CEAs vary from person to another I believe.

    regards
    ktee

     
    Old 05-22-2005, 09:46 AM   #5
    Nassau one
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    Re: Why isn't CAE used as a Diagnostic tool?

    There seem to be different opinions regarding the reliability of CEA tests. It certainly should not be used on its own to diagnose but is used in conjunction with scans and colonoscopy (I am only talking about colo/rectal cancer here). Once diagnosis has been made and if necessary treatment rendered, CEA tests are done at regular intervals to see if there is any indication of recurrence. But reports do say that almost one third of recurrences occur without any elevation of CEA. Of course follow up scans are also done but here they do not do those as often as CEA tests.

    What I found interesting is that when my husband's one-year post op CT scan showed spots on the liver but the CEA was normal, he had to have a PET scan which showed no malignancy. The surgeon said that he was not surprised, as the CEA was normal but just wanted to be sure. This indicated to me that he has faith in CEA tests!

    The best way of diagnosing colo/rectal cancer is colonoscopy.

     
    Old 05-22-2005, 01:40 PM   #6
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    Re: Why isn't CAE used as a Diagnostic tool?

    Alison IS correct... CEA tests do not always come back positive when there is cancer present, and therefore are not reliable markers for ALL patients with colorectal cancer. If only!! One test I am hearing more about (after dx via colonoscopy as Alison suggests) is the GCCB1 test. This test, as I understand it, is useful in determining recurrence, perhaps moreso than the CEA test. Keep in mind, those who smoke have elevated CEA's SOME of the time. So again, CEA tests may be useful as a diagnostic tool to track a patient's progress once diagnosed, but the BEST and ONLY acceptable way for diagnosis is a COLONOSCOPY.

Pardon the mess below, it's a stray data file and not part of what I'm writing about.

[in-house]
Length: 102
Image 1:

Regards to all,
    CancerDad

     
    Old 05-23-2005, 08:16 AM   #7
    pgta5
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    Re: Why isn't CAE used as a Diagnostic tool?

    I have also read that the CEA is most effective in diagnosising in conjunction with other tests. The ideal use of the CEA as a marker would be in the patient who's CEA was drawn prior to treatment/surgery and was elevated, then responded, or dropped after treatment or removal of the tumor.

    The last statistics that I read regarding CEA indicated that it is effective in indicating cancer in about 75-80% of patients.

    My father's CEA was not drawn prior to surgery but drawn about 6-7 days after and was normal. So, we do not know if CEA is an accurate diagnostic tool for him. It has been normal since.

    I agree...the best prevention/diagnositic tool is a colonoscopy/sigmoidoscopy. My father was 65 at the time of diagnosis, stage 3c. He had had one sigmoidoscopy at the age of 55, with a history of bleeding/hemoroids. He had the same GP for over 10 years. No fecal occult blood test, no recommendation/referral for a scope. My dad instigated the colonoscopy and CT because he could "feel" that something was wrong. His GP told him it was probaby diverticulitis! Guess he was wrong.

    ~P